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4 results for The State Vol. 27 Issue 7, Sept 1959
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Record #:
12886
Author(s):
Abstract:
Encompassing 517 square miles as well as mountain ranges, highland plateaus, river valleys, and at least 44 peaks at or exceeding 4,000 feet in height, Macon County is a historic region subjected to extensive changes throughout the past four centuries. Numerous explorers and military personal have visited the region, the earliest of which was the Moore Expedition of 1715. Although plagued by elevated levels of turmoil during the American Revolution, Macon residents rebounded through successful industry that includes, agricultural farming, lumbering, pulpwood production, textiles, saw mills, and mining.
Source:
The State (NoCar F 251 S77), Vol. 27 Issue 7, Sept 1959, p8-11, 19-26, il, map
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Record #:
12887
Abstract:
Located in the Southern Appalachians, in Macon County, the Highlands Biological Station, parented by the Highlands Museum of Natural History, served to supplement the western part of the state as a facility for educational institutions. First used in 1931, the biological station expanded in 1958 with funds obtained from the National Science Foundation.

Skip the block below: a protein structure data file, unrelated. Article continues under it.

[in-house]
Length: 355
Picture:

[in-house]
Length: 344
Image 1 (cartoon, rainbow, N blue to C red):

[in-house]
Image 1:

Source:
The State (NoCar F 251 S77), Vol. 27 Issue 7, Sept 1959, p15, il
Full Text:
Record #:
12885
Abstract:
Rich in minerals and a popular spot for rock hunters since 1872, Macon County is home to several mines. Brooks Mine, Bowers Mine, Corundum Hill Mine, and the Mason Branch Mine, have been sources of rubies, chromite, copper, emory, graphite, schist, kaolin, and kyanite.
Source:
The State (NoCar F 251 S77), Vol. 27 Issue 7, Sept 1959, p14, il
Full Text:
Record #:
12888
Author(s):
Abstract:
The visit of William Bartram in 1776 to Western North Carolina was recorded in his book, Travels. In this installment, The State picks up Bartram as he passed from Georgia to North Carolina, via the valley of the Little Tennessee, currently known as Macon County.
Source:
The State (NoCar F 251 S77), Vol. 27 Issue 7, Sept 1959, p17-18, map
Full Text: